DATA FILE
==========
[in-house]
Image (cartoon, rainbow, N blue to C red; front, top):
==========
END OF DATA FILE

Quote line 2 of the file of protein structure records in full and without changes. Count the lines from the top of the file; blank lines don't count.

Image (cartoon, rainbow, N blue to C red; front, top):